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I am only 14 so please don't criticize me too harshly. From what I have understood from my teachers is that our ozone layer helps deflect harmful Ultra Violet Rays and that currently our ozone layer is being destroyed by chlorofluorocarbons(CFC's)were emitted by humans.

In the early 60's the effects of them were not known and they were used in many products and it takes approximately 50 years for the CFC's to travel to our ozone layer. When CFC's penetrate through the ozone layer they ley harmful ultra violet rays in which can damage our body's and during prolonged exposure may cause cancer.

As I have understood using CFC's that will be emitted is banned everywhere except for in third world country's. If we also halt CFC's from being unleashed into the atmosphere in third world country's then I think that it would decrease the cases of cancer in general drastically.

Thank you for reading this far and if I am misunderstood about any of these statements please correct me in the comments.

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The problem of CFCs damaging the ozone layer was recognised many years ago in advanced western countries, and they were soon banned and replaced with other more environment friendly gases. There was an ozone hole over the Antarctic which advanced and receded with the seasons. It is still there, but smaller than it used to be. To some extent it is a natural event caused by bromine compounds arising from the sea, but made worse by the advent of CFCs. It is no longer a major problem and is not expected to get worse, as CFCs are being used less and less.. You are right about too much ultraviolet being bad for our health, but too little can also be bad, because it encourages a bone disorder called rickets. I used to overdo the sunbathing when I was young, but now I keep it to sensible levels. I didn't get skin cancer, but you're right, a lot of people do. However, excessive sunbathing and use of sunbeds is only one cause of cancer. There are many other cancers besides skin cancer, and they are nearly all due to unhealthy lifestyles and therefore nearly all preventable.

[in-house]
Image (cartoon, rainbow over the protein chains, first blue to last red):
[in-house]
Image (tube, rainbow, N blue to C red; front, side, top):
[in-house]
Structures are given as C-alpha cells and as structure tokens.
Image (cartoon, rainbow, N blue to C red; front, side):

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  • $\begingroup$ Thank you for the additional information Michael. I know that there are other types of cancer and there are bigger fish too fry but are the holes in the ozone layer still a problem? I did notice that you said that it is not much of a concern but if we halted the use of CFC's everywhere then in 50 years give or take would it positively contribute to the environment? $\endgroup$ – Zachary Wells Aug 1 at 22:04
  • $\begingroup$ It would be a good thing to continue the war against CFCs, but the war is already largely won. Because it is partly a natural phenomenon there will probably always be a small, seasonal ozone hole over the Antarctic. To talk of a hole is a bit misleading, it's more of a thinning of the ozone layer rather than an actual hole. People don't do much sunbathing at the South Pole, so it is not really a problem there. We need to avid too much sunbathing, but not avoid it completely. Best to avoid sunbeds entirely. $\endgroup$ – Michael Walsby Aug 1 at 22:25
  • $\begingroup$ Thank you for clarifying Michael! $\endgroup$ – Zachary Wells Aug 2 at 20:40

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